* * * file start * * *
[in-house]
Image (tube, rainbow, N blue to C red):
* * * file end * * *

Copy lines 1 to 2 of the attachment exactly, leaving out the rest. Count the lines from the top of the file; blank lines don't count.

[in-house]
Image (tube, rainbow, N blue to C red):